Rates on Bonds

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Rates on Bonds

Postby forestlake » Sun Feb 10, 2013 2:56 pm

I'm a little confused about what was said recently in a webcast from Vanguard's CIO. The discussion was about bond rates going up ("bond cliff").

At the end of the discussion, he said:

"If you're a buy and hold investor with a bond fund, and rates go up, you'll take a principal hit in the short term. You'll lose money in the short term. BUT, you'll be reinvesting at higher rates."

This may be due to my general ignorance on how bonds work, but I just don't understand the following:

1. If you're not selling, how do you "lose money in the short term"? I understand (I think) where he says "you'll take a principal hit in the short term" which I believe means the face value of your fund will decrease?
2. The last sentence - when he mentions "reinvesting", is he referring to where you would have the fund set to reinvest dividends? If not, I'm not sure what this means.
3. Why is "reinvesting at higher rates" a good thing as he implies?

Thanks for your patience in helping me understand this.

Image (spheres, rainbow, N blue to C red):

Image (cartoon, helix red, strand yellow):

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Re: Rates on Bonds

Postby dbr » Sun Feb 10, 2013 3:30 pm

forestlake wrote:I'm a little confused about what was said recently in a webcast from Vanguard's CIO. The discussion was about bond rates going up ("bond cliff").

At the end of the discussion, he said:

"If you're a buy and hold investor with a bond fund, and rates go up, you'll take a principal hit in the short term. You'll lose money in the short term. BUT, you'll be reinvesting at higher rates."

This may be due to my general ignorance on how bonds work, but I just don't understand the following:

1. If you're not selling, how do you "lose money in the short term"? I understand (I think) where he says "you'll take a principal hit in the short term" which I believe means the face value of your fund will decrease?

By definition if your wealth invested in this fund has decreased, then you have lost wealth. You have not lost money, because wealth invested in stocks and bonds is not money. Such wealth can be converted to money by selling the investment. I am sure you are thinking, correctly that only then can you know that you have lost money. What happens next could be one thing if you stay in the fund and another thing if you take the wealth out and invest it in something else. Whether or not you will have less wealth after some time goes by depends on what you do with the money. If this discussion sounds pedantic, that is because it is. Discussions about whether or not one has lost money when an investment falls in value are semantic debates that are unnecessary in the presence of simple facts.



2. The last sentence - when he mentions "reinvesting", is he referring to where you would have the fund set to reinvest dividends? If not, I'm not sure what this means.